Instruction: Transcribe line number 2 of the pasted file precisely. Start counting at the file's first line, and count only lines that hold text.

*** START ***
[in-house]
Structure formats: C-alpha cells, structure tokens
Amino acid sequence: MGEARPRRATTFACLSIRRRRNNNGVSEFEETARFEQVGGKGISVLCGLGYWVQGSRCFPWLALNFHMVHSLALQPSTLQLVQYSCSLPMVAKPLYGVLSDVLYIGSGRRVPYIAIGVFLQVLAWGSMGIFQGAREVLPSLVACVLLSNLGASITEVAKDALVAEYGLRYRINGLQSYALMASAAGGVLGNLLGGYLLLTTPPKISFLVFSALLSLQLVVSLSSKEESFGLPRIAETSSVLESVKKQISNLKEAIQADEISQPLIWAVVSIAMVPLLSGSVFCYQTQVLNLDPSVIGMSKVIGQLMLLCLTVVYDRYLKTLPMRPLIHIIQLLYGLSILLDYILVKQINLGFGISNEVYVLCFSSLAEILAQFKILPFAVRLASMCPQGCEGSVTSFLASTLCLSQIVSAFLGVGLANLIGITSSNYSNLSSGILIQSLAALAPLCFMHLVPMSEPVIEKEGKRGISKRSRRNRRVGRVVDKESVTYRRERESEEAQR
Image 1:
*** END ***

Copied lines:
Structure formats: C-alpha cells, structure tokens